By David Lawder
WASHINGTON (Reuters) -The U.S. and Taiwan reached agreement on the first part of their “21st Century” trade initiative, covering customs and border procedures, regulatory practices, and small business, the U.S. Trade Representative’s office said on Thursday.
After the initial agreement of the U.S.-Taiwan Initiative on 21st Century Trade is signed, negotiations will commence on other, more complicated trade areas including agriculture, digital trade, labor and environmental standards, state-owned enterprises, and non-market policies and practices, USTR said.
U.S. Trade Representative Katherine Tai said in a statement that the deal strengthens U.S.-Taiwan relations and demonstrates they can work together to advance trade priorities for their populations.
“We look forward to continuing these negotiations and finalizing a robust and high-standard trade agreement that tackles 21st Century economic challenges,” Tai said.
Taiwan’s Office of Trade Negotiations in a statement called the agreement “historically significant” and said Taiwan aimed to finalize negotiations on all remaining issues by the end of the year.
The pact is not expected to alter goods tariffs, but proponents say it will strengthen economic bonds between the U.S. and Taiwan, open the Chinese-claimed island to more U.S. exports, and increase Taiwan’s ability to resist economic coercion from China. Democratically governed Taiwan strongly rejects China’s sovereignty claims.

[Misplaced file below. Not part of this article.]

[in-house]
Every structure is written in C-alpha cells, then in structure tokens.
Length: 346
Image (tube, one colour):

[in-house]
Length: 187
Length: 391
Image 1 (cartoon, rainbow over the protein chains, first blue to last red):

China has reacted furiously to Taiwan President Tsai Ing-wen’s recent engagements with high-ranking U.S. politicians, including an April meeting with U.S. House of Representatives Speaker Kevin McCarthy. Announcement of the trade pact comes just ahead of planned meetings between China’s commerce minister, Wang Wenta, and USTR Tai and U.S. Commerce Secretary Gina Raimondo.
The bilateral talks commenced last August, after the Biden administration excluded Taiwan from its larger pan-Asian trade initiative, the Indo-Pacific Economic Framework.
USTR said the text on customs and trade facilitation will reduce red tape for U.S. firms to export products to Taiwan, allowing for electronic filing of customs forms and online payment of duties and fees, cutting waiting times for vessels.
The texts on good regulatory practices and services regulation seek to streamline operating licenses for firms seeking to operate across borders and promote fair competition opportunities, USTR said.
The trade agency added that anti-corruption texts are based on those in the U.S.-Mexico-Canada Agreement on trade and address money laundering, denial of entry for foreign public officials. The small- and medium-sized enterprises text aims to facilitate cross border investment and finance in the sector, USTR said.
(Reporting by David Lawder; additional reporting by Yimou Lee in Taipei; Editing by Richard Chang, David Gregorio and Leslie Adler)